Derek Walter and Steve Jenkins used to have fairly ordinary lives before a 530-pound pig named Esther moved into their house.
Walter is a real estate agent and bagpipe player; Jenkins is a professional magician. They're in the suburbs about 45 minutes outside Toronto, living in a 1,000-square foot house with a modest yard; it's perfect for keeping their two cats and two rescue dogs. Until two years ago, they ate a lot of bacon.
"We were pretty typical people," says Jenkins. "We were two totally normal, meat-eating omnivores who because of a Facebook message from a high school friend met and fell in love with a pig that changed our lives."
The message came, at the end of the summer of 2012, from a high school friend whom Jenkins hadn't seen in more than a decade. She said she had a "mini-pig but it was causing chaos at home," he says. "She had newborn twins and a dog that was not accepting the pig at all so it had to go. She said she remembered I was always an animal lover so I came to mind as someone who might be able to help."
He was. Within a couple of days, and without the immediate consent of his partner, Jenkins had brought home the supposedly six-month-old animal, who wasn't supposed to get to be more than about 70 pounds.
"Our vet raised concerns the first time he met her. He noticed her cropped tail and said it was a clear sign she was actually a commercial pig, not a pet at all. We were terrified but we had already fallen in love with her," says Jenkins. "We decided to wait and see what happened. But the longer we had her, the more we loved her -- and, unfortunately, the bigger she got."
Within about eight months Esther was near 170 pounds. As of last week, she weighed in at over a quarter ton -- and Jenkins and Walter aren't sure if their beloved, already massive pink girl is done growing or not.
Of course as she's gotten physically bigger, this unexpectedly huge house pet's role in the couple's lives has also expanded. Inspired by Esther, they've stopped eating meat, and have become animal welfare advocates. (Their "Esther the Wonder Pig" Facebook page, where they do some of this advocacy -- as well as share "Esther-approved" vegan recipes and videos of Esther doing things like getting a bath -- has almost 140,000 likes.)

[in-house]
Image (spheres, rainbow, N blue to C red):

Closer to home -- or, rather, literally inside the home -- they had to make some other changes.
"All food is in upper cabinets, doors locked, etc.," says Jenkins. "She loves to wrestle and play with toys, she comes to cuddle and loves to get belly rubs. She is very much like a big dog, just super smart. Smart enough to open closed doors and cupboards. It's amazing."
It's also amazing to see what Esther looks like on the family's couch:
And here's Esther on the king-sized bed, where she spends a lot of her day -- though Jenkins says she retires to her own twin bed on the floor of the living room at night:
When she isn't hunkering down with the dogs, that is:
Speaking of the dogs, Jenkins says that Esther is part of their pack -- she's in the middle, able to steal food from one but not the other -- but the canines stopped horsing around with their porcine sister once she topped a couple hundred pounds. Jenkins and Walter have also stopped taking their pig for car rides, or walking her on the street, out of concern they'd be unsafe to distracted drivers, and possibly to themselves.
"If she was ever to get startled or want to run, lets be honest, there's not much we could do to hold her back," says Jenkins. "So we haven't taken her out for an actual walk since fall of 2013. With any luck we'll be on a farm very soon and we can walk with her again."
The farm is the family's newest project. Walter and Jenkins, doing business as "The Esther Effect Farm Animal Sanctuary," are currently raising money to buy 43 acres of land.
"We want to provide a home for abused or abandoned commercial farm animals and give them the life we think they really deserve," says Jenkins.
With 40 days to go, they've been given a little under a third of the $400,000 Canadian they're asking on Indiegogo.
Jenkins says that he and Walter have another plan for scaring up the rest of the scratch, if Indiegogo doesn't come through. The couple is determined, he says, to move their family -- the humans, the dogs, the cats and their pig, and any other animals that come their way -- to this property.
There's a house already there, for all them all to live in. Visitors will be welcome to come for hiking, cross-country skiing, and a vegan market -- and to commune with Esther and the other animals, with the hopes that maybe some more lives will also be transformed by the wonder, and the normalcy, of this tremendous pig.
"She is just like every single other pig that lives their entire albeit shit lives on factory farms. All we did was give her a chance to show the world her personality and that amazing smile that people have fallen in love with," says Jenkins. "Without us she would've been a package of bacon or a slab of pork. But she got the chance to live."
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CORRECTION: An earlier version of this piece said that Esther weighs half a ton -- which, as several readers pointed out, is 1,000 pounds instead of Esther's relatively petite 530. This error has been fixed, and our apologies to Esther for so grossly exaggerating her heft!
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